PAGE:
“I have been watching Purple Swamphens (Porphyrio porphyrio viridis) at this location for a number of years, occasionally seeing new young. In the past 3 years their population has started to grow and last weekend I saw 7 adults in the same area, 6 were together. This location is an ex-mining pool adjacent to limestone hills, now used for some fish farming (fortunately not aggressively) but has a lot of Water Hyacinth (Eichhornia crassipes) growth, which the Purple Swamphens love to walk and feed on (above).
“I have seldom seen such numbers, usually 2-3 in an area. Was pleasantly surprised to read (David R Wells. The birds of the Thai-Malay Peninsula, Volume 1) that there are records of up to 200 in Thailand. Another source (Robinson & Chasen, Birds of Malay Peninsula Vol 3, 1936) notes them as being ‘numerous’ in the past but declining with time.
“The distance from my location and the birds was significant so that their behaviour could be observed undisturbed. I was walking light as usual and did not have a tripod to do video. The 6 adults that were together were rather ‘noisy’. I saw numerous episodes of adults ‘chasing’ other adults. One would ‘fly in’ or raise the wings vertically to ‘threaten’ another bird. It would then move in and a chase would ensue (above). During this activity the white lower tail-coverts
would be flirted frequently with loud calls. A lot of ‘strutting’ around with white lower tail-coverts exposed and wings partially elevated.
“I considered a number of possibilities for this activity: (1) Courting behaviour – but it looked too ‘aggressive’ for this and I saw no mating; (2) Territorial breeding behaviour for a mate – i.e. an adult male chasing other adult males for access to females; (3) Territorial feeding behaviour – i.e. fights for food locations. I thought (3) was most likely but this area ex-mining pool is vast with lots of space. Six out of 7 were ‘crowded’ in a small location. Despite the ‘chasing’ they did continue feeding within a few meters of each other. So perhaps (2) is more likely. I thought I also saw some nipping of individuals but not captured on camera.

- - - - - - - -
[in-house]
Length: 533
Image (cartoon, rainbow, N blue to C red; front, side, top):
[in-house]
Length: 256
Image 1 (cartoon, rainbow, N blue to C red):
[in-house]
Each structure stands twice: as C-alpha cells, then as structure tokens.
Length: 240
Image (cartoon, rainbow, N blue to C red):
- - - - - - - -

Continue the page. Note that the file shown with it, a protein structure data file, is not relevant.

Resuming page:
“There are some lovely territorial disputes posted in OBI database: HERE and HERE.
“Apart from the loud single calls, there were also a lot of prolonged calls that I managed to record despite the distance … which may have a bearing on this behaviour. The calls are very loud and carry some distance, hence I was able to record some. I have amplified the calls in the recordings.
“Audio 1 is stripped from a hand-held video recording: This adult heard a series of calls from another adult in the group – note the beginning of the recording 5 calls in a series. It appeared to be affected – turned to look and bent the head with beak open. It then responded with a series of 5 calls – second half of recording. When making the calls it turned the neck to the side of the body, lowered the head and opened the beak to make the calls (a video grab of the bird making the call HERE).
“If you listen carefully (or use a good audio pgm like Audacity to see waveform) you will note that each call in the series, by the bird replying, has two separate parts (crescendo, decrescendo).
“A YouTube video of the bird here (note truncated and audio recording is full, as shaky, handheld)
“In all these series of calls I heard and recorded, the calls seem to pick up in volume and then wind down. Most had 4-7 calls in a stretch.”
Dato’ Dr Amar-Singh HSS
Tambun, Ipoh, Perak, Malaysia
Ex-mining pool adjacent to limestone hills and secondary growth
19th December 2010
Sun Chong Hong
I am a bit confused by the description for the sound file calls-2a.mp3. I heard and saw, with Audacity, 7 calls @ 0.4″, 1.3″, 2″, 3″, 4.6″, 6″, & 7.5″.
And yes, it takes a pair of keen ears and attention to details to notice the crescendo and diminuendo especially at such long intervals between calls. I would not have realised it. Kudos to Dato.